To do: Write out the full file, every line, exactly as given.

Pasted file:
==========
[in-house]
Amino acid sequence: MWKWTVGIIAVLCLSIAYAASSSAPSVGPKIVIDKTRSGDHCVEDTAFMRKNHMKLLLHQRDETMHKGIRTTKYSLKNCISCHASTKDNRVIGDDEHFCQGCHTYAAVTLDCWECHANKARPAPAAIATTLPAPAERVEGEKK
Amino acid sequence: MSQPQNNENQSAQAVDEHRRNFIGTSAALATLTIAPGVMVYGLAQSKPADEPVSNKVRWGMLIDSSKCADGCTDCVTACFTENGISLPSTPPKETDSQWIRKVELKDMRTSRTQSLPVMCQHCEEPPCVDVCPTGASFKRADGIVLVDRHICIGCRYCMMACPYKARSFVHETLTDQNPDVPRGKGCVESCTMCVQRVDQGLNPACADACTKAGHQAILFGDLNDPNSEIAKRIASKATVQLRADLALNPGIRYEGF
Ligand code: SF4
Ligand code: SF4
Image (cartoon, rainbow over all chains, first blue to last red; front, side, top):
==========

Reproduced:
[in-house]
Amino acid sequence: MWKWTVGIIAVLCLSIAYAASSSAPSVGPKIVIDKTRSGDHCVEDTAFMRKNHMKLLLHQRDETMHKGIRTTKYSLKNCISCHASTKDNRVIGDDEHFCQGCHTYAAVTLDCWECHANKARPAPAAIATTLPAPAERVEGEKK
Amino acid sequence: MSQPQNNENQSAQAVDEHRRNFIGTSAALATLTIAPGVMVYGLAQSKPADEPVSNKVRWGMLIDSSKCADGCTDCVTACFTENGISLPSTPPKETDSQWIRKVELKDMRTSRTQSLPVMCQHCEEPPCVDVCPTGASFKRADGIVLVDRHICIGCRYCMMACPYKARSFVHETLTDQNPDVPRGKGCVESCTMCVQRVDQGLNPACADACTKAGHQAILFGDLNDPNSEIAKRIASKATVQLRADLALNPGIRYEGF
Ligand code: SF4
Ligand code: SF4
Image (cartoon, rainbow over all chains, first blue to last red; front, side, top):